1) David Ash is the starting quarterback
Sure, we knew that this was probably already the case. Ash started, and played all of, the Holiday Bowl, and reports were that he'd been having a fantastic offseason. And while the coaches came out and said it was an open competition, it was worth noting that they were saying the same about every position on roster. Butt while the competition may be "open", that doesn't mean that it's close. In the two open practices, Ash was excellent, showing off all of the traits, and newfound maturity, that Texas coaches were enamored with. He'll need to continue his growth and improvement, but for now, it appears that not only does Texas have its quarterback, but also that he appears to be a pretty good one.
2) Steve Edmond appears to be as advertised
One of the biggest questions heading into the 2012 season is how Texas is going to replace its linebacker production. And most eyes were trained on Edmond, the replacement for Emmanuel Acho in the middle. Edmond is superior physically to Acho, but will need to show some level of the same savvy that made Acho a special player. In the open practices, Edmond showed flashes of his massive potential, and in the closed practices, word leaked that the coaches loved his size and athleticism at the spot. In a blitz-happy defense like defensive coordinator Manny Diaz's, Edmond can be an absolute wrecking ball when he hits a gap with all his size moving forward. He's explosive.
3) No complacency here
One of the questions I had was how the new-look Longhorns would adjust to their second season together, especially after experiencing a modicum of success to close the year. Would they start falling into some of the same habits? The answer, at least from the open practices, was absolutely not. The coaching staff did an excellent job of getting all over the players making mistakes, complete with Stacy Searels throwing his hat on poor offensive line plays. Texas coach Mack Brown talked last year about how the energy of the new coaches inspired both he and the players to come to work. This year, that appears to still be the case, with the coaches squeezing the players for every last ounce of improvement.
4) Texas gets some walking wounded back
One of the bad parts of the first half of spring practice was that Texas didn't get to practice with either John Harris or Demarco Cobbs, two players absolutely on the two-deep (at worst). In the case of Cobbs, Texas was out a player many expected to inherit a starting job next to Steve Edmond. Now it appears Tevin Jackson has taken the reins for that race, but he could start feeling pressure soon. That's because both Cobbs and Harris are expected to be back for the second half of spring practice. Cobbs brings a unique talent to the linebacking corps in that he's basically a big safety, somebody that previous linebackers Acho and Keenan Robinson called "the fastest linebacker in the country." That's high praise, and Cobbs could certainly add more speed to what's shaping up to be a pretty fast defense. Harris, on the other hand, was fighting for a starting job last year when he was hurt. Can he still win one? It'll be tough — when Texas uses a three-wide set, Harris would have to beat out one of Mike Davis (having an outstanding spring), Jaxon Shipley or Marquise Goodwin. But he also doesn't have to beat out any of those receivers to play extensively, as receivers coach Darrell Wyatt likes to rotate guys through. Harris can add another big receiver, somebody who has the talent to go over the middle and block on the edge.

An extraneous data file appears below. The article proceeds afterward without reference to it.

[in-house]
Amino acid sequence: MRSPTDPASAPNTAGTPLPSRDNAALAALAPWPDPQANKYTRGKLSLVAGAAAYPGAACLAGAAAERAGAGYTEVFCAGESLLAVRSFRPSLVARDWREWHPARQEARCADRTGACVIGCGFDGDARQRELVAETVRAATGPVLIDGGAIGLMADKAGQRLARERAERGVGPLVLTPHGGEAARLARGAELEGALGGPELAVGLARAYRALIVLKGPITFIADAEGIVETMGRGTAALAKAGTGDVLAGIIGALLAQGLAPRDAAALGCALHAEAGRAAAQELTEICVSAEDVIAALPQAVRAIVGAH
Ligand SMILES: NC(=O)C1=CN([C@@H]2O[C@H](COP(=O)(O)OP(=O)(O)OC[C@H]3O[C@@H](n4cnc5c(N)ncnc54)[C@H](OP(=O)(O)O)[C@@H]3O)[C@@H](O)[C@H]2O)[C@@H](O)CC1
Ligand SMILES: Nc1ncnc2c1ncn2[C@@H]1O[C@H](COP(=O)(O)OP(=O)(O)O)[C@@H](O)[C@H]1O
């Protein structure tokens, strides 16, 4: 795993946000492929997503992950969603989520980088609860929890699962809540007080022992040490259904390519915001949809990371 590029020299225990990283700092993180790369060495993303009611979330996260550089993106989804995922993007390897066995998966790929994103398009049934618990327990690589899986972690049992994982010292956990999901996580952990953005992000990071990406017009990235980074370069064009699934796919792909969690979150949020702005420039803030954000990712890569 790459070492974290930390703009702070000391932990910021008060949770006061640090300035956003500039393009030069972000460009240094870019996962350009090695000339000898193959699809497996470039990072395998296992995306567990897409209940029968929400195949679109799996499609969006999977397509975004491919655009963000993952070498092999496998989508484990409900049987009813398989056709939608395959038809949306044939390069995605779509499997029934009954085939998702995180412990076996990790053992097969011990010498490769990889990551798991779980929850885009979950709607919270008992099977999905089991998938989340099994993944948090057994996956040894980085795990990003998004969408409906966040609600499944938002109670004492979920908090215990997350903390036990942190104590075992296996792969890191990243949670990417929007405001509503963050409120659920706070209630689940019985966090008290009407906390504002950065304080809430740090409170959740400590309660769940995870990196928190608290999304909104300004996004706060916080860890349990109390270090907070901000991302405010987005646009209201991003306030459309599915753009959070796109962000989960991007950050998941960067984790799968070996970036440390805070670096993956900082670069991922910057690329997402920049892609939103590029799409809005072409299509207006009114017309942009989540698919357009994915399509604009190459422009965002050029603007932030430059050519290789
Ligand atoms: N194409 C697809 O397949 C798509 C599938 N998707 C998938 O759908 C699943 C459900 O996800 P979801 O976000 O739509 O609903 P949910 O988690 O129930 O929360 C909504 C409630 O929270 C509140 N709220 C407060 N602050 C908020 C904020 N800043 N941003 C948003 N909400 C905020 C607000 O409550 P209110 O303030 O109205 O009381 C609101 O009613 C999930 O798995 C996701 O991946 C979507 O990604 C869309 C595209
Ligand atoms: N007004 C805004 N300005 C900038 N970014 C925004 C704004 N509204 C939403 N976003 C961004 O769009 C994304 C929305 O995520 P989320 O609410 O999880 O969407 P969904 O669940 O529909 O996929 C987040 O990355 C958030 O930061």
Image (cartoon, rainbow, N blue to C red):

5) The running back position is taking shape
Joe Bergeron hasn't ever come out and said it, but at some point last offseason, he had to feel like Jan Brady: "It's always Malcolm, Malcolm, Malcolm!" Bergeron flew under the radar while five-star recruit Malcolm Brown picked up all of the kudos, pretty much expected to inherit the starting job. But when Brown was a bit banged up early in the fall, Bergeron took advantage. Brown eventually won the starting job, but not before Bergeron made a case for playing time. And when Brown suffered a turf toe injury, Bergeron was simply outstanding. He wound up getting hurt himself, but raised enough eyebrows that people began to wonder how the rotation, especially with incoming stud Johnathan Gray, would play out. But while Brown might have won the first battle for playing time, Bergeron has been better this spring, doing everything he can to sew up the starting job for himself. Obviously, Brown is a talented and hard-working back, and nothing is ever over. But right now, Bergeron is looking like he could be the first back to trot onto the field in 2012.